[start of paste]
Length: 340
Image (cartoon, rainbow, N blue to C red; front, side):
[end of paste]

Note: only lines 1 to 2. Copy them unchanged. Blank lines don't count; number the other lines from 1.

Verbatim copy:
Length: 340
Image (cartoon, rainbow, N blue to C red; front, side):